Sounds like my kind of guy. I mean, who wouldn't want to see Thora Birch naked? Her boobs are huge. Plus she's got grea -- wait a second did you say her dad? *face slowly turns to horror and runs screaming into the distance*
The film in its current form is massively unfinished; with I would guess around 30% of the film in the final hi-def, super sharp animation. The rest was divided between hand drawn storyboards, and low res, choppy colour animation. The voice soundtrack was complete, but the musical score wasn’t.
In deference to the multi-page non-disclosure agreement I was forced to sign before being let in (and also of course to keep this free of spoilers), I am going to avoid being too specific in this review, and instead give my overall impressions of the film, so you wont get quotes, descriptions of scenes or anything which I feel might compromise the completion of the filmmaking process. However, I’ll still try to make this write-up worthwhile.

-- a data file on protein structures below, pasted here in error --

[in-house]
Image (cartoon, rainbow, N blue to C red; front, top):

The first half hour of the Simpsons movie is hysterical genius. It’s classic. It’s old school. It’s violent. It’s slapstick. It’s clever. It’s everything you could ever want it to be. There’s a gag every couple of seconds (sometimes several going on in the background), and pretty much all of them hit the mark with confidence and accuracy. I haven’t laughed so hard in ages (definitely not since Hot Fuzz). Seriously. My head almost fell off.
The second half hour is a problem. Here we are attempting to further the plot, and add some conflict and exposition. It’s not that it’s bad, just that it isn’t really as good. The gag rate drops right off, and (shockingly for such a short movie) it feels a little slow. There’s some good moments in there of course, but it just seems to lose it’s zap and it’s zing. Here we could have done with branching off from the main story line and returning to perhaps some of the supporting characters for some laughs, some fun-poking, and some humour for humour’s sake. Padding if you will.